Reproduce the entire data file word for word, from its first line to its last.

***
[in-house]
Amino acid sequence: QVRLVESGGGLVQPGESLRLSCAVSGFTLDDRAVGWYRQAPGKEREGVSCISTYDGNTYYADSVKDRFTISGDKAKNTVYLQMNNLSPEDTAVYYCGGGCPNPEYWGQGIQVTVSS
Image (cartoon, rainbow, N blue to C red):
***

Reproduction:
[in-house]
Amino acid sequence: QVRLVESGGGLVQPGESLRLSCAVSGFTLDDRAVGWYRQAPGKEREGVSCISTYDGNTYYADSVKDRFTISGDKAKNTVYLQMNNLSPEDTAVYYCGGGCPNPEYWGQGIQVTVSS
Image (cartoon, rainbow, N blue to C red):